Yet Nasrallah’s arsenal is significantly less precise than what he and the Iranians would have wanted it to be by this stage.

This is due to the determined, mostly low-profile Israeli campaign to disrupt the Hezbollah arms build-up of guided projectiles, whether by stopping the production and trafficking of such components in Syria, or by issuing clear warnings that missile precision sites Lebanon need to cease their activities, or face attack.

Israel holds that it is essential to act now to stop Hezbollah from gaining precision destructive firepower, rather than wait and face weapons that can change Tel Aviv’s skyline in a future war.

This logic appears to be linked to reports on Wednesday of new alleged Israeli strikes on Iranian military targets in southern Syria. The strikes reportedly hit military outposts formerly held by Russian forces that have since been taken over by Iranian-backed militias.

On Tuesday, Israel’s United Nations Ambassador Danny Danon exposed Quds Force arms trafficking to Hezbollah via Beirut’s sea port, using civilian maritime channels. “The Port of Beirut is now the Port of Hezbollah,” he said. The smuggling included components meant for Hezbollah’s conversion program to turn unguided projectiles into precision missiles.

In the meantime, the Iranian-Hezbollah axis continues trying to threaten Israel in other ways. On Wednesday, the Shin Bet intelligence agency exposed a Syrian-based Iranian terror network that tried recruiting agents inside Israel, the West Bank, and Gaza. It tried to use recruits to gather intelligence and organized attacks on Israeli targets.

“The network operated out of Syria, under Iranian direction, and was led by a Syrian named ‘Abu Jihad,'” the Shin Bet stated. It used fictitious Facebook profiles to try to recruit Israeli Arab citizens and Palestinians, to get them to gather information on military bases, sensitive security facilities, high profile figures, police stations, and hospitals, all as part of Iranian efforts to prepare a target list.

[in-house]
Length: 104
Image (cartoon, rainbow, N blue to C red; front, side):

The Shin Bet said it detected and monitored the network from its outset, closely monitoring handlers abroad and recruits in Israel and the West Bank who expressed willingness to cooperate. The agency noted that “the big majority of Israeli citizens [who were approached] refused to cooperate, since they suspected a hostile element was involved, and cut off communications.”

This shadow conflict can escalate into a full-blown conflict due to minor catalysts. Tensions in the Persian Gulf between Iran, the United States, and other countries could form one such catalyst, as Israeli Energy Minister Yuval Steinitz noted on July 14.

Speaking to Israel’s Channel 13, the minister said that Iranian brinkmanship could end up causing a conflict that would trigger an Israeli-Hezbollah conflict.

“I’m not ruling out that within weeks or months, there could be an explosive clash US-Iran clash. And its echoes could reach us,” Steinitz said. “There could be a conflict with Hezbollah. There could be a direct clash with Iran. Anything can happen. We are prepared.”

“For four years already, we have foiled Iranian attempts to build bases in Syria, and stopped them from building thousands of projectiles, [from bringing] jets, and the IRGC from bringing tanks [to Syria],” he said. “The Hezbollah threat, and the direct Iranian threat remain intact. We are preparing for these day and night.”

Yaakov Lappin is a military and strategic affairs correspondent. He also conducts research and analysis for defense think tanks, and is the Israel correspondent for IHS Jane’s Defense Weekly. His book The Virtual Caliphate, explores the online jihadist presence.

A version of this article was originally published by The Investigative Project on Terrorism.